(Proverbs 14:12). “Food gained by fraud tastes sweet to a man, but he ends up with a mouth full of gravel” (Proverbs 20:17).

God presents the ultimate standard. Our young people are being trained that truth is relative, that they should not judge others – and that others should not judge them. If we imagine communities filled with Machiavellians, we quickly see the flaw in that logic. “Honest scales and balances are from the Lord; all the weights in the bag are of his making” (Proverbs 16:11).

Honesty and integrity provide security. If we strive to be honest in all our dealings, there is no need to conceal deceptions. “The integrity of the upright guides them, but the unfaithful are destroyed by their duplicity” (Proverbs 11:3).

Copyright 2017, Integrity Resource Center, Inc. Adapted with permission from "Integrity Moments with Rick Boxx," a commentary on issues of integrity in the workplace from a Christian perspective. To learn more about Integrity Resource Center or to sign up for Rick”s daily Integrity Moments, visitwww.integrityresource.org. His new book, Unconventional Business, provides “Five Keys to Growing a Business God”s Way.”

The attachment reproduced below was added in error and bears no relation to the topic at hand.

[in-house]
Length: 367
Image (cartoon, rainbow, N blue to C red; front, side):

Reflection/Discussion Questions

What code of ethics do you follow? How did you arrive at it? Are you familiar with the writings or thinking of Machiavelli? Do you know of anyone who has conducted himself or herself in business using a similar philosophy? If so, in your observations, what has been the result? Do you agree with the conclusion that it is wrong to operate according to the belief that anything is acceptable for pursuing self-interest and personal gain? Why or why not? If we see others succeeding according to such a philosophy, how are we to respond?

NOTE: If you have a Bible and would like to read more about this subject, consider the following passages: Exodus 20:15-17; Proverbs 11:1, 12:19,22, 20:10,23, 21:6, 29:4,10; James 1:8